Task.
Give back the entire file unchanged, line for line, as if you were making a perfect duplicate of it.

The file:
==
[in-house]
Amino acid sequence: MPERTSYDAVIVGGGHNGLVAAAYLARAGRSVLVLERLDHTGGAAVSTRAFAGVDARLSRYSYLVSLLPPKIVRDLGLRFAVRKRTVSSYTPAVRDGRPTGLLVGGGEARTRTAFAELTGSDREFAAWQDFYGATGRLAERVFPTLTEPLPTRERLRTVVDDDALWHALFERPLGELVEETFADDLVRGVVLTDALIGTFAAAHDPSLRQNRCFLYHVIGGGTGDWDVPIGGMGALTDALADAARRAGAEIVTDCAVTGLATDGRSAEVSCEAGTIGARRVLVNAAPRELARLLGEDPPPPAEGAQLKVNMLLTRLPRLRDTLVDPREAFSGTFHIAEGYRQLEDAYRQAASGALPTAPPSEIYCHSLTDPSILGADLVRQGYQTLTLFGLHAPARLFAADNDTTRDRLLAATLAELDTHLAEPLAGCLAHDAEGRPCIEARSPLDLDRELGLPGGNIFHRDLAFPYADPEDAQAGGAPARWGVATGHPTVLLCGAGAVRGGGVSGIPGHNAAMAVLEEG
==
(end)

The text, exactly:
[in-house]
Amino acid sequence: MPERTSYDAVIVGGGHNGLVAAAYLARAGRSVLVLERLDHTGGAAVSTRAFAGVDARLSRYSYLVSLLPPKIVRDLGLRFAVRKRTVSSYTPAVRDGRPTGLLVGGGEARTRTAFAELTGSDREFAAWQDFYGATGRLAERVFPTLTEPLPTRERLRTVVDDDALWHALFERPLGELVEETFADDLVRGVVLTDALIGTFAAAHDPSLRQNRCFLYHVIGGGTGDWDVPIGGMGALTDALADAARRAGAEIVTDCAVTGLATDGRSAEVSCEAGTIGARRVLVNAAPRELARLLGEDPPPPAEGAQLKVNMLLTRLPRLRDTLVDPREAFSGTFHIAEGYRQLEDAYRQAASGALPTAPPSEIYCHSLTDPSILGADLVRQGYQTLTLFGLHAPARLFAADNDTTRDRLLAATLAELDTHLAEPLAGCLAHDAEGRPCIEARSPLDLDRELGLPGGNIFHRDLAFPYADPEDAQAGGAPARWGVATGHPTVLLCGAGAVRGGGVSGIPGHNAAMAVLEEG